The millstone, even though we were born into a generation that never had to use it, is familiar to most Indians. The reason behind this is that it was a symbol of punishment in most of the Hindi movies of yesteryear (where inmates had to grind wheat). Even today “jail ka chakki pisna” is a common phrase to refer to being imprisoned. In large households, some of the larger millstones were operated by two people (usually women) sitting in front of each other to share the load. Imagine my delight when I came to become a proud owner of my own millstone!

The hunt for this rice de-huller caused me to accidentally stumble upon the mill stone.

This was even better news for me as I’ve been researching heavily on sustainable living and off the grid living. The closest I’d come to grinding wheat off the grid was to build one of these… which wasn’t really parctical. I was also looking at those awfully expensive hand operated grinders which no one was willing to ship internationally, when this small millstone (chakki in Hindi) more or less fell into my lap!

It all started when I asked my mum how they dehulled rice when they were kids and grandpa and grandma grew their own rice in the few fields that we had. She told me they had a dehuller which was basically a stone bowl which was buried in the ground which they filled with rice and pounded with a wood pounder which had blunt nails in its tip. Our conversation ended with, “AFAIK, the stone bowl for pounding rice should still be with your aunt, if she hasn’t yet thrown it away…”

The millstone was missing a handle so I had to make one for it using some scrap lumber with my Gransfors small forest axe and Timberwolf bushcraft knife -both excellent products!!

I grabbed my camera, hopped onto my bike and was off like the proverbial wind. On talking to my aunt, she said that it was buried somewhere in the jaal -i.e Tulu for the cow dung swept open space in front of the house. My uncle before his demise had raised the level of the jaal by carrying basket loads of soil from neighboring areas and in the process had partially buried the disused rice dehuller. My aunt took me to a place where a familiar colored piece of stone was jutting out where the trench around one of the coconut trees had been dug. I helped my aunt excavate the area around the stone and it turned out to be a millstone. I now know the excitement that archaeologists feel when digging up remains from past generations! We later found the rice de-huller closer to the kitchen right next to the well. My aunt had one look at the millstone and said, “I need to discard this rubbish”. When I asked for it, she and my cousin sister helped me to carefully wrap it up and tether it to my bicycle and wobbling precariously I took it home all the while re-adjusting its position on the carrier with my left hand.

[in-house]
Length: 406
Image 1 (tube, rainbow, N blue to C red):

Grinding sand in the millstone to prepare its surface before using it for grinding grain

I was surprised at how new it looked after I washed it with water. Although the iron rod in the center was a bit rusted. On coming home, I was told that my uncle had carried it along with him from Hassan district of Karnataka. I wasn’t very surprised at him lugging the heavy stone all the way from there as he was an ex-army guy and was a teetotaller -wouldn’t even drink tea or coffee and did heavy manual work till the end due to his extreme level of physical fitness. My aunt allegedly refused to labor on it so he buried it in a fit of anger in the jaal.

Leaving its alleged history behind, mum’s other sister soon established herself as the local expert. She told me that I needed to grind sand in the millstone to prepare its surface and to grind it till the sand exiting it was as fine as powder. The surface of the stones had already been roughened by hammering tiny chips off it with a chisel. I had hardly turned the handle a few times that the sand started exiting it which was as smooth as talcum powder. This meant that the  stone was already ready to use and had probably been used a couple of times at least. I washed it and stored it in our store room for use. The millstone is a wonderful accessory to those wanting to live off the grid. It can give years of service -the best part being that only the required amount of wheat can be ground as flour loses its nutrition pretty fast and goes rancid as well. In addition, unlike in motorised chakki’s the flour does not heat up. This year at the Surajkund Mela at the Delhi – Faridabad border I saw a stall selling motorized grinders. This is a step in the right direction  as wheat will once more be easily available in the market. Many shops do not stock wheat anymore but only wheat flour. Wheat is also an emergency food as when properly stored it has a very long shelf life… not so with wheat flour which goes rancid so soon.

I wouldn’t want to end this post without mentioning the ‘taaki waali’s’ in Hindi (at least in Bombay Hindi) doing the rounds in the 70’s and 80’s. I’m not sure about it now as I’ve been away for more that 20 years. These women would be doing their rounds crying out, “taaki waleyaa” My parsi neighbours had their flat stone grinder (called sil or silbatta in North India) which they used to wet grind masalas’ and chutneys. We had our traditional kadepina kall” in Tulu or Kadiva kallu in Kannada, which we used for wet grinding. You can see a pic of it in this post. When called, these women would squat on the ground with their chisels -often a sharp iron rod flattened and probably tempeered at the tip and a hammer and and chip off tiny flakes off worn out stones so that they would be rough enough for grinding again.

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